With the Knights’ gift to the Community Foundation, their charitable legacy will live forever.

Lilly Endowment Provides $500,000 Matching Grant to LaGrange County Community Foundation

The LaGrange County Community Foundation has received a grant of $500,000 as part of Lilly Endowment Inc.’s seventh phase of its Giving Indiana Funds for Tomorrow (GIFT) initiative.   With GIFT VII, the Endowment is making up to $125 million available to help Indiana community foundations strengthen the towns, cities and counties they serve.

The LaGrange County Community Foundation can use this matching fund grant to build its financial assets and support its charitable activities. The Endowment will provide $2 for every $1 contributed to LaGrange County Community Foundation unrestricted endowments during the matching period, October 1, 2018, through December 31, 2020. 

“We are thankful to Lilly Endowment and excited about what the match opportunity could mean for our community,” said Octavia Yoder, LaGrange County Community Foundation Associate Director. “These funds will help our mission to inspire and sustain generosity, leadership and service in our community, and help us address our community’s greatest needs.”

Created in 1991, the LaGrange County Community Foundation connects people to charitable causes and provides opportunities for donors to leave a lasting legacy. Through the generosity of donors, the community foundation provides scholarship opportunities to local students and makes grants to nonprofits working to improve LaGrange County. To learn more, visit

The GIFT initiative is part of Lilly Endowment’s grantmaking to strengthen Indiana communities and has been a priority of the Endowment since the first phase of GIFT in 1990.  The initiative’s primary aim is to help Indiana community foundations develop the philanthropic capacity to identify, prioritize and address local opportunities and challenges.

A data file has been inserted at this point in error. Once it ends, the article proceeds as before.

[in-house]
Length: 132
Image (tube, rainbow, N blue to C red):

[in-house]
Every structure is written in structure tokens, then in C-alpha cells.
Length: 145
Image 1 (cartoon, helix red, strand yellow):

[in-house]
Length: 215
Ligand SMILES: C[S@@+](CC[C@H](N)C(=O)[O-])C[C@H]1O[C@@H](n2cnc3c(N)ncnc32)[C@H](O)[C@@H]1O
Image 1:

Starting in 2019, LaGrange County Community Foundation will have the opportunity to apply for more funds through GIFT VII’s community leadership grants.  This component includes both planning and implementation grants, which are available to help the foundation deepen its understanding of the challenges and opportunities facing its community; convene key local stakeholders and explore how it can effectively play a leadership role in implementing initiatives and strategies that enhance the quality of life in LaGrange County.

Lilly Endowment Inc. is an Indianapolis-based private philanthropic foundation created in 1937 by three members of the Lilly family – J.K. Lilly Sr. and sons J.K. Jr. and Eli – through gifts of stock in their pharmaceutical business, Eli Lilly & Company.  The Endowment exists to support causes of community development, education and religion.  Lilly Endowment’s community development grantmaking is designed to support efforts that enhance the quality of life in Indianapolis and Indiana.

LIFE grant application deadline approaching

LIFE grant applications are due to the LaGrange County Community Foundation office by 5 p.m. on Thursday, January 31. The application form can be downloaded at

The LIFE Philanthropy Program at LCCF was created to promote youth involvement and teach philanthropy to LaGrange County’s next generation of community leaders. LIFE oversees its own grantmaking fund and makes recommendations for funding to the Board of Directors.

LIFE grants are available to nonprofit youth organizations and nonprofits providing a youth program or service. Additionally, public and private schools are eligible to apply for funding. Grant amounts typically range from $500 to $2,000 per award.